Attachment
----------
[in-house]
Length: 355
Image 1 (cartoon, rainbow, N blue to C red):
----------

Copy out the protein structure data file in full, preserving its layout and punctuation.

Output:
[in-house]
Length: 355
Image 1 (cartoon, rainbow, N blue to C red):